By Barry Sheppard
[Editor’s note: A US federal judge has temporarily blocked the new Texas abortion legislation, following a legal challenge from Biden’s administration]
On October 2, over two hundred thousand people, majority women, marched to defend abortion rights in over 600 towns and cities across the United States.
The largest were tens of thousands marching on the Supreme Court in Washington D.C. and in the Texas state capital of Austin.
In Houston and San Antonio, Texas, thousands more marched in each city.
Thousands demonstrated in major cities across the United States, including Boston, New York, Philadelphia, Chicago, Atlanta, Denver, San Francisco, Los Angeles and many more.
Many smaller cities, towns and villages saw actions of tens, hundreds and low thousands.
The geographic spread was impressive.
The hastily organized actions were a response to the Supreme Court’s decision one month earlier that upheld a Texas law banning abortions beyond six weeks of pregnancy, outlawing 85 percent.
The law itself was in violation of the Court’s 1973 decision, and subsequent decisions, legalizing abortions up to about 24 weeks, when it is deemed that the fetus can survive outside the womb.
In September, the Court did not rule on its 1973 ruling, known as Roe vs. Wade, but upheld the Texas law with a bogus argument about “procedure”.
The Supreme Court will now take up another case on December 3 – a Mississippi law that does directly challenge Roe.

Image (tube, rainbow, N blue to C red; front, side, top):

The demonstrations also including opposition to this new threat to abolish the 1973 decision.
Many other states with Republican legislatures have imposed restrictions that make it difficult to obtain abortions.
Left news show Democracy Now reported the rallying cry at the actions was “Bans Off Our Bodies”.
The Austin march culminated with most attending the Austin City Limits Music Festival, where one musician after another spoke out. One was the singer Billie Eilish. Her brother Finneas [her producer] pledged 100% of their proceeds to Texas Planned Parenthood.
Interviewed about the October 2 events, Alexis McGill Johnson, CEO of national Planned Parenthood, said that
“activists and leaders and everyday people [are] showing up to demonstrate … that Roe should be the law of the land … access to safe and legal abortion.
“And yet, in state after state, these horrific restrictions and bans are continuing to further erode our ability to access our constitutional right.
“What this weekend did was really just the beginning, to let the courts know, to let lawmakers know that the people will not stand for our rights being encroached upon in such a way.
“It’s amazing that we have artists like Billie Eilish, like Finneas, like Gracie Abrams, shouting from the stage, along with folks like [Houston, Texas rapper] Megan Three Stallion — and people, the one in four women, trans men, non-binary folks who have also had abortions, telling their stories and reducing abortion stigma.”
Asked by Democracy Now host Amy Goodman to explain what’s happened in Texas to Planned Parenthood and other abortion clinics, Alexis Johnson said, “Texas is really the opening salvo. We have an unconstitutional six-weeks ban, with a bounty hunter provision attached to it … it’s effectively rendered Roe meaningless.”
Her reference to “bounty hunters” refers to the fake “procedure” argument the Supreme Court’s majority used to uphold the Texas law. That law doesn’t give the state government the enforcement power, but enables anyone in the U.S. to sue anyone in Texas for violating the law, or anyone who in any way supports such violations, for $10,000 or more.